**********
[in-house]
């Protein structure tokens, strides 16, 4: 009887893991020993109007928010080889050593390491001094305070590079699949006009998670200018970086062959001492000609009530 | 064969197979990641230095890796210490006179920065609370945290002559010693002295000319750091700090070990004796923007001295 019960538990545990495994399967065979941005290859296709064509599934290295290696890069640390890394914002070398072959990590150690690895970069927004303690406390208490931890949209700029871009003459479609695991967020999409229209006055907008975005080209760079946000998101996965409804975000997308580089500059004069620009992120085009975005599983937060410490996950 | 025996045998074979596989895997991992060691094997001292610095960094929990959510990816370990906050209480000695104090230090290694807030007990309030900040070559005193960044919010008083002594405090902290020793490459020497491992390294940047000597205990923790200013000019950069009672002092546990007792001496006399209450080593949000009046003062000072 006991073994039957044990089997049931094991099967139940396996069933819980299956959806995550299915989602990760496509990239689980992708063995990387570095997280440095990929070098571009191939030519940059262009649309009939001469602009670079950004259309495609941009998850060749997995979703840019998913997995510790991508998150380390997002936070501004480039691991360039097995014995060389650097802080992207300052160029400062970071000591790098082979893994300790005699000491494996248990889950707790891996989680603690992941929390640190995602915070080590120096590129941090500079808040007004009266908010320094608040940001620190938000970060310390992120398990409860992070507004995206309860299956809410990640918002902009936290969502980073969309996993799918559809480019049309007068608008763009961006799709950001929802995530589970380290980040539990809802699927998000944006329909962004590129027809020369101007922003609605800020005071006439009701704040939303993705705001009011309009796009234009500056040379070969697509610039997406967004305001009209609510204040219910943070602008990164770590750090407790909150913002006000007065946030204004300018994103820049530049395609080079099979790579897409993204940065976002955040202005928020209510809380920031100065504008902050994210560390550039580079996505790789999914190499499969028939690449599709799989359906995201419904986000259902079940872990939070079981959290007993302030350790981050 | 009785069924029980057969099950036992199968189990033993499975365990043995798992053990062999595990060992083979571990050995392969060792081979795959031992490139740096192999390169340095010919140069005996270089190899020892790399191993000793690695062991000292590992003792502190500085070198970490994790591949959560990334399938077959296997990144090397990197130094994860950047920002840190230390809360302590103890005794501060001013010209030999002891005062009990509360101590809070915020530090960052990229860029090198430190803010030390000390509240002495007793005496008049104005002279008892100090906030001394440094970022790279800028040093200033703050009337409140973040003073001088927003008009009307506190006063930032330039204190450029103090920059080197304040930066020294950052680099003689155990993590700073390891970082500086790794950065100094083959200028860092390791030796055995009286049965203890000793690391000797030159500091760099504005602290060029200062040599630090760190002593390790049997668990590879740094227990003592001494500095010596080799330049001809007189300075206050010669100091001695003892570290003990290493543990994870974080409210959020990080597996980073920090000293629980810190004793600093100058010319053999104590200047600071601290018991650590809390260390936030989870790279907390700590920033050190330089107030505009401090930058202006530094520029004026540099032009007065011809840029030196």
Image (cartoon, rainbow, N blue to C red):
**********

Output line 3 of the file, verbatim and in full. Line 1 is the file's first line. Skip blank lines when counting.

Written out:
Image (cartoon, rainbow, N blue to C red):